Yeah, I know it is the middle of January and I am still tending to autumn leaves. I have so many trees on and around my property that it seems like I rake leaves for months. In my defense I did take care of all the leaves in the front yard, side yard and immediately behind the house in the back yard before Thanksgiving. But there are many more leaves behind the main paths of the backyard that still need to be raked.
During the fall, I do see bags and bags of leaves piled up by my neighbors for the trash. But I haven’t given the trash men one leaf since moving into this house. In the front yard, I vacuum all the leaves up using a leaf blower/vacuum. I collect the leaves in the attached bag and then spread them as mulch around the trees and in garden beds. In areas that have gotten a little weedy, I spread newspaper and then layer the shredded leaves on top of the paper. It makes a great weed barrier.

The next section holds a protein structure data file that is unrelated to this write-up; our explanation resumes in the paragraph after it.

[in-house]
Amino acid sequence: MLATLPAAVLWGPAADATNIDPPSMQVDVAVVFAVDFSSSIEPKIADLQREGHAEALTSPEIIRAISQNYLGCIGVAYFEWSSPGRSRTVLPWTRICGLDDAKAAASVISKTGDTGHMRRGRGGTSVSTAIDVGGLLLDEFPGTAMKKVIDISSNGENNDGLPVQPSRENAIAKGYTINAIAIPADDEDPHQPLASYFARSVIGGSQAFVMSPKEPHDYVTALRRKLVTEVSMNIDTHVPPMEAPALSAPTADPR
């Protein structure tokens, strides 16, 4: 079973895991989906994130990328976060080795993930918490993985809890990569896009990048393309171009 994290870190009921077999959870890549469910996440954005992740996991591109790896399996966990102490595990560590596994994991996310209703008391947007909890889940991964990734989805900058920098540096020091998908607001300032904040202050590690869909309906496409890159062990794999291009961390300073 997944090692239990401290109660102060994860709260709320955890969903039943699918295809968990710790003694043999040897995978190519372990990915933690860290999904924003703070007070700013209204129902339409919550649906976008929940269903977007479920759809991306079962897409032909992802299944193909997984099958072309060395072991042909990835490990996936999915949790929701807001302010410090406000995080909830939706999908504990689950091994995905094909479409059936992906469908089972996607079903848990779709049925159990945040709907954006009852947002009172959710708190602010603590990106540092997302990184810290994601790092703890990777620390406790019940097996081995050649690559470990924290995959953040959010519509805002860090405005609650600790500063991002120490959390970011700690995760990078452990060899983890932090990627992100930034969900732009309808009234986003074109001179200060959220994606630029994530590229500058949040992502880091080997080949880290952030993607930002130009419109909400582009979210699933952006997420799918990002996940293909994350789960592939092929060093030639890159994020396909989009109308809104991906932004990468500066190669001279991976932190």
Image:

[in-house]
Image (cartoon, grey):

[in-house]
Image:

Once I’ve gotten all the beds covered, trees surrounded and weedy areas covered in shredded leaves, I then start adding them to the compost pile. I have a few of these wire bins that work perfectly to collect my excess leaves –
I take the shredded leaves from the vacuum bag and dump them into the wire compost bins. I keep a hose or watering can nearby because as I add more leaves to the bin I water each layer. It is important that the shredded leaves are damp before add the next layer of leaves.
On mild days throughout the winter, I will go out to the leaf piles and turn them. The fourth side of the bin slides off and I can easily set it up next to the pile to accept the turned leaves. I make sure I have the watering can nearby during this task too. Because as I add the leaves to the reestablished bin, I add water to dampen the leaves. Turning the pile, fluffs up the leaves provided much needed oxygen to the decomposing process.
Granted, turning a few piles of leaves is a tedious and labor-intensive process but it is a great way to get some fresh air and exercise on a mild winter day.
I don’t have much grass on the property – grass does not grow well under all these trees. So, I rely on my neighbors who don’t compost to add their grass clippings each week. During the spring and summer, I collect the grass clippings from my neighbors or they deliver them. Then I turn the piles and incorporate the grass clippings as layers into the shredded leaves. By the end of the summer, I have fresh compost to add the the beds before then next season of leaves begin to fall.